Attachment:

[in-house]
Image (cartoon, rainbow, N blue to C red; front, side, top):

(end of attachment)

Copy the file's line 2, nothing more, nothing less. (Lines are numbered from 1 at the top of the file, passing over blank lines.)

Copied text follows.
Image (cartoon, rainbow, N blue to C red; front, side, top):